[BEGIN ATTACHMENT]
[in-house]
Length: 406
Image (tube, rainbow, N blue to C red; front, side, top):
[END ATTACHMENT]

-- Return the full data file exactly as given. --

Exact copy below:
[in-house]
Length: 406
Image (tube, rainbow, N blue to C red; front, side, top):